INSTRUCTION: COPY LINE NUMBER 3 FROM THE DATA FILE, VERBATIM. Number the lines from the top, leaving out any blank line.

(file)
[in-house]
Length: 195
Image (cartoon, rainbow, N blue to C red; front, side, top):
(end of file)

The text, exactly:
Image (cartoon, rainbow, N blue to C red; front, side, top):